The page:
On-line audio and video will go mainstream

Will people watch video on the Internet?

When asked, most experts suggest not. They say that the infrastructure of the Internet is too slow. On-line video is too unreliable. And the screen — well, it’s just too small and fuzzy, and the playback too jerky. It’s absolutely painful to watch.

Yet one of the most popular destinations on the Internet today — Adcritic.com — is a Web site that consists of mostly video. How popular is it? Recent numbers suggest a few hundred thousand people visit it a day, most of whom watch at least 10 video clips.

The site has defied every prediction that the Internet is too primitive to support video. There’s a buzz out there that this is one of the hottest Internet sites, and no wonder. It has great content, is good for a laugh and offers great video quality. And here is the weirdest thing about this popular site — the content is, get this, TV commercials. That’s right, one of the busiest video sites on the Internet happens to show the thing that people hate to watch on television.

If Adcritic.com is any indication, then on-line video has a wonderful future. Some day. The fact remains that while there is no shortage of video content to be found on the Internet, most of it is never viewed.

Which raises the question: will on-line audio and video ever go mainstream? I’m convinced it will, and I think this will happen over the next five years as several trends come together.

First, we are going to see the arrival of many Internet-linked audio and video devices. Consider the concept of on-line audio by checking out Internet radio device Kerbango (http://www.kerbango.com). Set for release next month, you’ll be able to bring it home, plug it into your high-speed home Internet connection and tune in hundreds of Internet radio stations.

Then there’s the new Wurlitzer Jukebox (http://www.wurlitzer-jukebox.com), a product targeted toward bars, restaurants and other public locations. It will obtain its audio via the Internet. Are these isolated products? Not if you listen to the buzz coming out of Taiwan and Hong Kong. A flood of new Internet-based audio and video equipment is on its way.

The second key trend driving the audio-video future is that it is easy for anyone to place content on-line. Established radio and TV stations have long posted their broadcasts, but on-line broadcasters such as Canada’s Iceberg Media (http://www.theiceberg.com) are really leading the way by using the Internet to broadcast into specialized niche markets.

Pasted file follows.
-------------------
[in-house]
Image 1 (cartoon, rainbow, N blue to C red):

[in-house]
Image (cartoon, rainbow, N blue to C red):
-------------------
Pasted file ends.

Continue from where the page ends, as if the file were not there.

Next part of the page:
And third is the issue of bandwidth. Sure, it is easy to discount all of this talk of on-line audio and video as simply the ravings of the Internet-loonies, as the Internet is just far too slow. If you believe that, then you should realize that leading edge fibre-optic technology lets 360,000 people download an entire full-length DVD-quality movie via the Net.

That technology isn’t part of the Internet yet, but one day it will be.

Which brings us to the final point — there is a massive and important business role for this technology, which will help to spur its implementation. Companies will realize that the Net can be used to distribute on-line training videos to distant offices, for example, or for live, interactive video conferencing of an extremely high quality. Corporate Web sites will be able to feature short instructional or product support videos, not to mention Internet-based telephone systems that cost virtually nothing for long distance connections.

Science fiction? Cisco Systems is already there.

Practical business applications will help companies solve real business problems, or save significant sums of money. As the technology matures and as the business applications become apparent, we will see a rapid marriage of Internet audio-video to the way we work in the corporate sector.

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